He’s a tallish man, in his mid-to-late thirties. He has a long beard, which is a tell-tale sign of two things among the homeless (at least so far as I have been able to observe): 1) he has been on the street for a while, and 2) he has probably never served in the military. The veteran homeless generally have cleanly shaved faces or stubble.
He has fringes of gray creeping in along the edges of the mustache, but it is hard to see exactly how gray it is. There are a variety of multicolored substances encrusted around his mouth, as well as in the beard down his chest, left over from meals (or other things) long forgotten. Just because this blog is here to promote the stories of the homeless, doesn’t mean that I intend to sanitize their stories for public consumption. This man stank of urine so badly it would make your stomach turn. Even when the wind was blowing in the opposite direction it smelled as though he were drenched in his own refuse; and it was hard to tolerate.
This problem was compounded by the fact that he only spoke in whispers or low, gravelly tones under his breath. Any conversation with this man made you feel like he was letting you in on some profound secret, or trying to conceal his true identity, or that he had a nice-sized rock in his pocket that he would give you if the price was right. In my opinion, it was most likely the latter. You have to stand close to him if you were going to catch anything more than every third word. Uncomfortably close.
I have met this man around the church before. Last time I talked to him he told me that his name was Peter. It was a memorable exchange. It had been raining that day, and as I pulled into the church parking lot I saw that him standing in the park behind the church’s property. I went over and pulled an old umbrella from the back seat and offered it to him. He refused it. “No I’m good.” he said, and we talked for a little bit. He asked me what I was doing in that part of town, and I told him I worked at the church.
“You got a lot a’ pretty girls in there or what?” he asked abruptly.
“I’m sorry?” I replied.
“Why is that place so full all the time? You got some hot girls?”
“That’s not why people come,” I told him. I then tried to get across at least some vague notion of the purpose of a church to someone who had no clue. I am still not sure it made sense to him. That was a few months ago.
Now he was back, leaning against the church fence, staring creepily in at a small child playing on the inside. I walked up beside him with a healthy, “Hey, Peter!” but got no response. I tried again, a little louder, and this time got his attention. “It is Peter, isn’t it?” He shifted his weight, but didn’t reply. “What’s your name man?” I asked, thinking that I maybe had the wrong guy. As soon as he started speaking in that impossible-to-hear-voice I knew that I had the right guy. “Some people call me Charles,” he said.
“Oh, Charles, I’m sorry I thought your name was Pet—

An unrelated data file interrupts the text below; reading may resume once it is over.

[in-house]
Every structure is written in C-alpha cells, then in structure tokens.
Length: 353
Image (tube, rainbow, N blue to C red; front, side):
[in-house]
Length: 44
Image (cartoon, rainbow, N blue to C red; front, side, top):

“Or they call me Calvin,” he interrupted. Now I was even more suspicious. He had a new pair of jeans slung over one shoulder, and he kept adjusting them nervously with his left hand. He looked around then leaned in so close to me the rancid breath nearly warmed the skin on my face. “Or DJ,” he said with a glimmer in his eye. Apparently I had either become privy to a personal secret that only few were given access to, or he had just lied to a naïve white kid with excessive and disturbing pleasure.
I asked him how he was (now using the most recent edition of his name when addressing him), and learned quite a bit more about his personal life and story. That is, when I was close enough to put the broken pieces of odd words and half-sentences together. I didn’t want to stand too close, because I frankly didn’t trust the man.
He had been to prison; he had a wife, and “something like fifteen kids.” Prison is where, according to his own assessment, he adopted the standoffish and unstable attitude. He quickly rolled up his sleeves to show me the scars on his arms from fighting when he was locked up. I told him that, as we were speaking, the church was handing out hundreds of items at the food bank, but he refused to go. The reason? The people handing out the food were Hispanic, and you couldn’t trust them. “They [Hispanics] make one little phone call and ‘yap yap yap’ to their buddy in Spanish, then this guy comes and whacks you. I don’t trust them. Guys like you and me gotta’ stick together.” Here he rolled up his sleeves again, baring his arm and placing it against mine. “You got blue eyes, and white skin, but we’re brotha’s we gotta’ look out for each other against them.” His arm was dark. Really dark. Especially when placed next to mine. It was darker than most Hispanics I know. Part of it was the fact that he hadn’t bathed in a while. There were even dark lines on his eye-lids where the skin oil and dirt collected while his eyes were open. It looked like mascara.
I talked to him a little more about church, but he was clearly not interested in hearing any more about it or Christ. I eventually shook his hand and told him goodbye. I had to wash my hands four times before they stopped smelling like urine.
It was hard to get a word in edgewise during our whole conversation. As with most homeless, once he got talking, he was hard to silence. Someone to listen to their story will only last a few moments, they want to get across as much of it as possible. The Soloist is in theaters now (it actually premiered on the day I talked with DJ for the second time) I will hopefully have a review of it up in the next few days.